Unlap’s tireless efforts have built the biotechnology program from the master’s degree that he launched in 2009 to include a doctoral track and several certificates, noted Kathy Nugent, Ph.D., chair of the Department of Clinical and Diagnostic Sciences and executive director of UAB’s Harbert Institute for Innovation and Entrepreneurship. Biotechnology is “a complex area that combines the soft skills of business and the hard science of advances in health care and other disciplines,” Nugent wrote. “Because he always works to meet his students where they are, Tino has grown this program, so we also offer a graduate certificate and a doctoral degree in this field today.”

Becoming "The Biotech Guy"

Unlap freely admits that he used his inspirational techniques to draw students to his fledgling program. “Nobody had ever heard of biotechnology in 2009,” Unlap said. “I had to go all around the Southeast and shake hands with everyone I met and tell them about biotech. I did the same at UAB — when I would go into the Rec Center to work out, they would call me ‘The Biotech Guy.’ Every once in a while, a student would come down the hallway and ask where they could find this or that program. I would say, ‘Why don’t you step into our lab and I’ll tell you about biotechnology instead?’”

“Every time I hear Tino talk about biotechnology,” a colleague wrote, “his passion is so contagious that I find myself wondering if I need to enroll in the program.”

What is his pitch? “Over 70 percent of us end up doing something we never thought we would do,” Unlap said. “So make sure you identify a job in your future that will stimulate your thinking, will help you live on the edge 24/7 and is never going to be boring — and that will allow you the flexibility to work in any industry under the sun. I have that profession: That is biotech. Our graduates are working in government, working with private companies, starting their own companies.”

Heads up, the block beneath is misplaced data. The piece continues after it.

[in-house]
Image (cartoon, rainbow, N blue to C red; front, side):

“Every time I hear Tino talk about biotechnology,” a colleague wrote, “his passion is so contagious that I find myself wondering if I need to enroll in the program.”

Always ready to take on a new challenge

Despite his responsibilities with the biotechnology program, Unlap continues to work each summer with high school students and undergraduates as part of the Community Outreach Development program with his longtime friend Mike Wyss.

“Tino annually introduces 40 to 60 of our research interns to the exciting careers that they can reach, and each year, he has been their top-rated instructor,” Wyss said. “He has also been the go-to faculty member to link up other faculty and students with emerging startups and other companies in Alabama. And he is always ready to take on a new challenge.”

Unlap is determined that his students will always be ready for challenges as well. “I tell them, ‘There are two types of people in the world — consumers and developers,’” Unlap said. “The consumers make up 99.9999 percent of the world’s population. Developers are the rest. The consumer’s brain every once in a while shuts off — it vegetates, watches TV. The developer’s brain is on 24/7, but in a good way. Everything they see is a potential innovation. A consumer takes a look at an iPhone and says, ‘I want to buy it.’ A developer says, ‘I bet I can make it better.’ I tell my students, ‘Life will never be monotonous if you are a developer.’”